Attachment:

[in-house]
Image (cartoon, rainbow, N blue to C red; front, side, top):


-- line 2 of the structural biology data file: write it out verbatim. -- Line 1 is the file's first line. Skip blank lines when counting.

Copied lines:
Image (cartoon, rainbow, N blue to C red; front, side, top):